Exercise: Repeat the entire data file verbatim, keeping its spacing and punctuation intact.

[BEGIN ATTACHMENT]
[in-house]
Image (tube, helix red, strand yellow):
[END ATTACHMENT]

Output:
[in-house]
Image (tube, helix red, strand yellow):